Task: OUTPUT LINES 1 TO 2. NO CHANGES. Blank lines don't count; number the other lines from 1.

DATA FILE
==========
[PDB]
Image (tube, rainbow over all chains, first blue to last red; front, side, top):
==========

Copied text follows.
[PDB]
Image (tube, rainbow over all chains, first blue to last red; front, side, top):